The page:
Thus, Data Visualization is an art of representing numbers. Tableau has provided a feature-rich functionality for adding colors to your reports, which, when utilized effectively, can take your reports to next level.
Tableau String Calculations
Let's explore few combined practical examples of concatenation, conversion, analysis and extraction of texts that can help you understand string calculations even better. Since Tableau offer a brief explanation of every function directly in the Calculated Field editor under ‘String’ we won’t go into details regarding their definition. Proficiency is a result of practice.
Preface of String Calculations
The term string calculations can somehow sound a bit confusing since calculations on texts sound irrelevant and contradictory.
So of course, we don’t really use string calculations for performing calculations on strings. What we really use string calculations for is manipulating with strings and analyzing them. That being said, with the help of string calculations we are able to concatenate text, change text (for example, to upper, lower or proper case), convert the text or parts of it to number and dates, extract subtexts or just analyzing them ( for example, how many characters they contain), etc.
However, Tableau is maybe not the best option for manipulating your string data since these calculations are the ones that are the most heavy for one view and creating a lot of them in one dataset in Tableau can be overwhelming for the view. But still, Tableau works as a powerful tool for testing out these types of calculations before permanently applying them to your dataset by using another way, for example SQL.
If you are new to Tableau and want to learn more about string calculations and how you can create them in Tableau, be sure to check this introduction to string calculations (link of the previous blog for string calcs). This article, though, presents your next step into the world of string calculations. This article is an insightful practical guide that will lead you through some of the most commonly used string calculations. If you are looking for a certain string calculation at the moment, this article may offer a solution in your case. But even if you are not looking, we recommend you taking a brief look inside and upgrading your ‘Tableau game’.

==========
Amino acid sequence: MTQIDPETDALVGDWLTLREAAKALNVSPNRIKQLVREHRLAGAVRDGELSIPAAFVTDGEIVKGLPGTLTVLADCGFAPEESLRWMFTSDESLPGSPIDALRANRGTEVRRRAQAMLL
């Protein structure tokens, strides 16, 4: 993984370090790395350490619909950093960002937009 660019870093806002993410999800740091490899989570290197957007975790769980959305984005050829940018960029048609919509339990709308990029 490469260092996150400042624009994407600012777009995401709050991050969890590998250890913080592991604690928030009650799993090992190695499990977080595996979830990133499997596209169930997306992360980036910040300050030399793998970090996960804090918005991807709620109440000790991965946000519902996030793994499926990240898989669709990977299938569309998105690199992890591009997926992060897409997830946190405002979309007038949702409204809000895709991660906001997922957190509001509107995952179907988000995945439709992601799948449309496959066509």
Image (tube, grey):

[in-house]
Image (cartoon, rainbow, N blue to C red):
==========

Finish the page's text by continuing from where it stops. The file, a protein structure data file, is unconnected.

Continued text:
For the sake of simplicity, we would group the examples in four groups based on the goal that should be achieved with the calculation - Concatenation and Insertion, Conversion and Manipulation, Analysis and Extraction.
Concatenation and Insertion
The concept of concatenation applies in cases when multiple fields are able to be combined together with a goal to serve a certain context-based purpose. That being said, string fields are combined together in order to create another united string that will have its own individual meaning. How we use concatenation in Tableau is considered to be different than in any other programming language. In Tableau, due to analytical reasons, concatenate generally refers to cases when two or more fields are combined together for a particular reason – to form another field that will mean something by itself and can be used afterward for more in depth analysis. Or to make things easier for us to analyze. This combined field will have a meaning that can be connected to the meaning of the fields that created it or it can have different meaning of value as a result.
Tableau in general is a visual analytics tool that put heavy emphasis and effort on employing visualizations in order to smooth the path of insight derivation. Even though Tableau is not a programming tool, functionalities such as concatenation are available. Concatenation as a feature is very useful in various contexts. By using concatenation, we are able to make a field more readable, to combine two or more field into one and cut the extra work, to make an analysis easier or just add something extra to the fields that can improve the overall design of the view.
1. Concatenate strings together
Explanation: Concatenate two or more string values. To clarify, tie up two dimensions together instead of being presented as two separate columns.
Example: Concatenate [FirstName], [MiddleName] (if applicable) and [LastName] to be presented as one string.
|[FirstName] + " " +IfNULL([MiddleName] + ". ","") + [LastName]|
How does it work?
With the help of the plus operator (+), the existing three dimensions are concatenated together. Since having a middle name does not come by default as the first and last name, that is why we have IFNULL function ahead of it. What IFNULL actually does is check if middle name exists. If so, the spaces together with the middle name are inserted between the [FirstName] and [LastName] fields. If not, just space is inserted between these two fields.
2. Concatenate strings and date
Explanation: Concatenate more string values, but this time together with a date or just a part of a certain date. In order to be more clear, you may want to add some additional hard coded text to it so you know why the date is used.
Example: Concatenate [FirstName], [MiddleName] (if applicable), [LastName] and plus, the month of birth as one string.
|[FirstName] + " " +IFNULL([MiddleName] + ". ","") + [LastName] +" born in " + STR(Month([Birthday]))|
How does it work?